At Nine13sports, we work diligently to promote the numerous benefits that cycling creates.  Moreover, our cycling program that we deliver to schools and youth organizations gives us the opportunity to foster a positive and meaningful relationship with thousands of youth in the Central Indiana region and in Portland, Oregon.  Here, we’re able to advance students’  knowledge on how imperative fitness and exercise is for their overall health and well-being.  A component of cycling, that our organization is deeply passionate about, is the safety and welfare of cyclists as they ride their bikes.  No matter where you’re riding, whether it’s on the road or on a trail, it’s fundamental that riders, at ALL TIMES, take the necessary precautions when riding.  Below, you’ll find 5 safety measures that are essential to follow before and during your ride to ensure your safety is of the highest priority:

  1. Use Your Head —  This is arguably the most significant safety measure that should be adhered to.  Reasons to wear a bicycle helmet include, but are not limited to, are: sets an example for fellow riders, improved visibility to motorists (especially in the pre-dawn or early evening hour), and protection from unpredictable weather.  However, the most notable reason is to defend yourself against serious head injuries.  According to American Family Physician, approximately 22 to 47 percent of injured cyclists experience head injuries, which are also responsible for 60 percent of all bike-related deaths.  Furthermore, another precaution to take regarding helmets is to make sure it’s fitted and fastened correctly.  The helmet should fit snugly and not move when you shake your head.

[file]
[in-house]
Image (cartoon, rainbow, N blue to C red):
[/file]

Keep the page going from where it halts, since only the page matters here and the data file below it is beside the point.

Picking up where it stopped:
2. Do Your ABC Quick Check — Before each ride, it’s vital that you check your bike and ensure it’s safe to ride.  Use “ABC Quick Check” as an easy reminder for what to check:
    • Air: If your tires give a bit when your press with your thumb, they need some air.
    • Brakes: When you squeeze your brakes hard, you should be able to fit your thumb between the brake levers and the handlebars.  Check that your brake pads aren’t worn out – if they are, replace them.
    • Chain, Crank, Cassette: Make sure your chain is running smoothly – lightly oiled and free of rust and gunk – by spinning it backwards a few revolution
    • Quick Release: If your bike has quick release wheels, make sure the release levers are securely closed.
    • Check: As you start to ride, listen for any rubbing, grinding or clicking noises that might indicate something isn’t working correctly.
  3. Follow the Rules of the Road: Generally, it’s either illegal or unsafe to ride on the sidewalk or on the road towards oncoming traffic.  By and large, it’s best to ride in the direction of traffic, staying as far to the right as you can.  However, make sure there is room to handle emergencies and that you do not ride so close to the right that you risk hitting the curb and being thrown into traffic.  There are times when you simply cannot stay to the far right—whether it’s to pass another cyclist or vehicle, to make a left turn, or to avoid a potential hazard.  Be sure to wait for a safe and clear opportunity and use the proper hand signals when you take a lane.
  4. Stay Visible: If drivers can see you, the chances of them hitting you drop drastically.  To increase your visibility to motorists, it’s recommended that you wear bright, highly-visible colors, therefore, they can easily detect you on the road.  What’s more, a red taillight, flashing or not, should be worn only behind you—on your backpack, on your bicycle, etc.  In the same way in which they’re used for motor vehicles, red lights are for the rear and white lights are for the front.  It lets drivers know if you’re coming or going.
  5. Act Like a Car: Drivers are used to the patterns of other drivers and expect you to do the same.  To that end, don’t weave in and out of traffic and be as predictable as possible.  The more predictable you ride, the safer you will be.  Additionally, you should always let other drivers know when you’re turning, changing lanes, or stopping.  Look and make eye contact.  Don’t assume drivers will stop.

By no means is this a comprehensive list of all the rules, regulations, and safety measures that should be followed when riding your bike.  For a more comprehensive resource, please refer to the Quick Guide by The League of American Bicyclists.  The Quick Guide is an easy-to-read booklet that outlines the basic rules of the road, components of a bicycle, and all of the information you need to ride a bike safely and confidently.